Historically, virtual machines (VMs) share almost all the resources that a server contains as a way to improve efficiency. But today many modern cyberattacks are leveled against the full system stack. Sharing resources now means sharing threats. Consider an analogy from your own home. You likely share many resources in your kitchen, living room, family room, and so forth. Because these rooms and objects in these rooms are shared, remnants tell you who’s been there and what they were doing. Dishes in the sink tell you who’s had breakfast and who hasn’t; the channel that the TV is left on tells you who watched TV last. When others are in these spaces with you, congestion occurs. Even in my home, my family and I want to use the microwave or TV at the same time, and one of us must wait.
Sharing server resources can be similar in that different workloads can leave traces of what they’ve done or what they’re doing. Similarly, resource contention can give clues to what other processes are going on or yield unpredictable performance. Now, for workloads and data where security or quality of service (QoS) is a primary concern, a new solution is available.
Announced at Intel Data-Centric Innovation Day last month, the Intel® Select Solution for Hardened Security with Lockheed Martin* provides hardware-based security for edge and data center workloads that require higher levels of protection and QoS. This solution raises the bar for government, finance, energy, healthcare, and other data-sensitive industries. Working closely with the Lockheed Martin team, Intel was able to focus directly on insider threats and outside attacks that professionals are most concerned about in a rapidly-changing security landscape.
Many edge and data center customers need assurance that their data and workloads can’t be compromised by malicious actors inside or outside of the organization. But standard east-west network isolation, the transfer of data from server to server within a data center, isn’t sufficient to protect against some of the more recent security threats because attacks have been moving down the server stack. Rootkits and Bootkits can slip in under standard protections to avoid detection. For example, the exploit “Shamoon” (aka W32.DisTrack) attacked computers’ master boot record in 2012. Since then, many examples of malware have sought to similarly undermine systems. Servers can run the most secure operating system available, but if the layers below are not validated and trusted, then attacks can still be successful.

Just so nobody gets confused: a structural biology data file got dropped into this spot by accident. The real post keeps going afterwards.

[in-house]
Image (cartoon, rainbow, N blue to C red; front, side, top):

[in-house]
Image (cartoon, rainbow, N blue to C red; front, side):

The new solution utilizes Lockheed Martin’s Trusted Virtualization Environment to isolate and encrypt VMs, protecting data in use. This shift toward isolation moves an organization’s security from a reactive stance to a proactive one.
To fully ensure platform components have not been tampered with requires a chain of trust from boot to runtime. The new solution starts with a root of trust in silicon and leverages the latest available Intel security technologies, including Intel® Boot Guard, Flash Descriptor Verification, Intel® Resource Director Technology (Intel® RDT) and Intel® AES-NI, to maintain that trust from power-on all the way to the virtualization environment, protecting against attackers and malware seeking to undermine higher level security features. Together, these security features measure, maintain, and verify the integrity of system critical applications at boot and at rest.
As essential as security is, it shouldn’t be detrimental to QoS. Reaching QoS goals often borders on the impossible in modern virtualized environments due to so-called “noisy neighbor” problems that can impact time-sensitive workloads such as automation, control-systems, real-time monitoring applications, and more. A common response to these issues is to request a larger VM or configure a VM with more cores and more memory. This might work as a stop-gap measure, but this can cause unnecessary per-core licensing and can impact other VMs that are hosted on the same system. Another response is to use multiple bare-metal servers to solve these problems, but this is also an expensive proposition as they consume more physical space, more electricity, and require more maintenance and support.
Intel and Lockheed Martin’s new solution allows multiple bare metal systems to be combined, allowing IT administrators to hit previously unreachable QoS goals within virtualized environments. Utilizing Intel RDT to reserve cache for exclusive use by individual VMs, the new solution helps protect against cache thrash and slow or sluggish response times. This helps ensure that the virtual environment cannot be compromised by adjacent overloaded virtual machines.
Upgrade to Hardware-Based Security
Intel® Select Solutions eliminate guesswork with benchmark-tested and verified solutions optimized for real-world performance. The Intel Select Solution for Hardened Security with Lockheed Martin offers a new way to partition VM resources to maintain system performance and strengthen security. Lockheed Martin’s deep, decades-long expertise in cybersecurity gives this new Intel Select Solution further credibility in the market. Mercury and Supermicro have announced intent to offer availability of this Intel Select Solution in the coming months; additional hardened security solutions will be coming from other partners, like HPE, soon.
Read about Intel’s 2nd Generation Intel® Xeon® Scalable processor security advancements in a blog post by my colleague Anil Rao, and see more of Intel’s hardware-enabled security features and how Intel is providing the industry with a trusted foundation for computing here. Learn more about protecting sensitive data with this Intel Select Solution in a recent podcast featuring my colleague Lisa Davis. To see full configuration details for the Intel Select Solution for Hardened Security with Lockheed Martin, read the solution brief.